Aboriginiese digkuns

Ali Cobby Eckermann

Ali Cobby Eckermann

Met hul onlangse uitgawe fokus Poetry International Web onder andere op die relatief onbekende digkuns van die aboriginiese digters in Australië. Die een wat oombliklik my aandag getrek het, is Ali Cobby Eckermann van Kauma, ‘n tradisievaste  streek in die noordwestelike gebiede van  Suid-Australië waar Yankunytjatjara die grootste taalgroep is.

Eckermann, wat in 1963 gebore is, is as baba by haar ouers weggeneem en aan die familie Eckermann vir aanneming gegee. Enkele jare gelede kon sy egter wel, danksy die hulp van organisasies soos Link Up en Stolen Generations, daarin slaag om weer haar biologiese ma op te spoor. Sedertdien skryf sy in Australiese Engels sowel as die inheemse Yankunytjatjara: “Sometimes combining the two and incorporating Yankunytjatjara words to powerful effect; her poetry tackles the violent and harrowing realities of Aboriginal historical and contemporary experience with force, compassion and craft,” aldus die oorsigartikel op Poetry International Web.

Tans woon sy in Koolunga in Suid-Australië waar sy ‘n skrywersherberg vir aboriginiese skrywers gevestig het. Sy is ‘n veelbekroonde digter wie se gedigte ook al internasionaal gepubliseer is.

Oor haar ietwat ongewone skrywerskap het Eckermann haar soos volg uitgelaat: “I guess I write for both my families, and for my ongoing healing that I need in my life.  Mostly though for the Aboriginal audience. It is my biggest thrill is when they attend any forum to hear my words. I have been amazed at the reaction from the wider Australian and international audiences to my poetry, which encourages me to keep writing too . . . Poetry has also been the tool to assist my adopted family to understand some of the change that occurred deep within myself. I often say “poetry saves lives”.

Mmm, inderdaad. Vir jou leesplesier volg haar digreeks “Yankunytjatjara Love Poems” onder aan die Nuuswekker. Op Poetry International Web is daar nog heelwat van haar gedigte wat geniet kan word.

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Sedert gister het Hennie Aucamp ‘n omvattende essay oor Hubert du Plessis se verskuns gestuur vir plasing. Onder die vaste bloggers het Desmond Painter ‘n stuk gelewer oor Marthinus Versfeld en Andries Bezuidenhout oor die skilder Walter Meyer. In Buiteblik is daar ‘n bydrae deur Lize Viljoen oor die Tsunami in Japan; ook is daar Nederlandse vertalings van drie T.T. Cloete-gedigte in die vertaalkamers geplaas. Geno Spoormans en Carina van der Walt is verantwoordelik vir die vertalings waarby skakels na Geno se voorlesings op YouTube ook aangebring is.

Ten slotte – Francois Groepe, hoofbestuurder van Media24, het op Charles Malan se Ope Brief aan die bestuur van Media24 gereageer; met sy eie reaksie daarby.

Lekker lees en onthou: struikrowers loop soms gebaadjie-en-das tussen ons rond.

Mooi bly.

LE

 

Yankunytjatjara Love Poems

 

1.

I walk to the south    I walk to the north
where are you my Warrior?

I sit with the desert    I sit with the ocean
where are you my Warrior?

I sing to the trees    I sing to the rocks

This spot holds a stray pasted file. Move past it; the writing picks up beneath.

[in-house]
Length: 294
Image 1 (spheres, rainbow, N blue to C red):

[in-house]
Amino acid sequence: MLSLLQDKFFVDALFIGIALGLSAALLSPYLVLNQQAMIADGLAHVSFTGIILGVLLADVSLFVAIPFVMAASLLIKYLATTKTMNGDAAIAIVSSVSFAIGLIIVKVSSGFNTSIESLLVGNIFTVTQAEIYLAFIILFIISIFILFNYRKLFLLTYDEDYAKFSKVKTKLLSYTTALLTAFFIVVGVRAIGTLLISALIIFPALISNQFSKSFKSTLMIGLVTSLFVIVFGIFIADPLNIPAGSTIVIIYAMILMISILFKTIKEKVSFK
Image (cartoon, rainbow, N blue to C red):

where are you my Warrior?

I dance with the birds    I dance with the animals
where are you my Warrior?

Heaven is everywhere
where are You?

2.
I will show you a field of zebra finch Dreaming in the shadow of the stony hill ochre
when the soft blanket of language hums and kinship campfires flavour windswept hair

little girls stack single twigs on embers under Grandfathers skin of painted love
the dance of emu feathers will sweep the red earth with your smile

do not look at me in daylight; that gift comes in the night
tomorrow I will show Mother our marriage proposal in my smile

3.
in the cave she rolls the big rock for table, for the desert wildflowers they pick each another
she carries many coolamons filled with river sand to soften the hard rock floor

she makes shelf from braided saplings to hold all the feathers given by the message birds
when he sleeps she polishes his weapons with goanna and emu fat till they glisten in fire light

he tells the story of the notches on his spear, the story of the maps on his woomera
their eyes fill with spot fires lit on his return

the other women laugh “get over yourself” they laugh “he’s not that good”
she smiles she knows him in the night

4.
there is love in the wind by the singing rock
down the river by the ancient tree
love in kangaroo goanna and emu
love when spirits speak no human voice
at the sacred sites eyes unblemished
watch wedge tail eagle soar over hidden water
find the love

5.
Survival Day
I hear you as you sit
in silence your eyes search the Dreamtime
crammed in a modern world

Ah! there are the children of the Dreamtime
hands on thighs dancing
black legs beat drum and didgeridoo

Ah! there are the Grandmothers of the Dreamtime
quiet under shade trees alert for dangers
ready to fight protect and die

Ah! husbands and wives of the Dreamtime
share soul celebrations beyond the cultures
another baby of the Dreamtime will be born soon

Ah! all the Grandfathers sit silent
unmoving become rock face and sacred tree
the gibar magic man one with the earth

Ah! I see you on the horizon
in silence you search the Dreamtime
your eyes meet my silence

you reveal your presence with your smile

 

© Ali Cobby Eckermann (Uit: Nosside World Poetry Award Anthology, 2010)

Vertaling deur: Ali Cobby Eckermann. Opgeneem in: Best Australian Poems 2010.

 

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